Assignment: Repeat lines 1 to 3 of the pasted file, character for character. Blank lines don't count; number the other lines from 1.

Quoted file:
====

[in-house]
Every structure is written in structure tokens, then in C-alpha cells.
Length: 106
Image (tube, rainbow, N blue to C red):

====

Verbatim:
[in-house]
Every structure is written in structure tokens, then in C-alpha cells.
Length: 106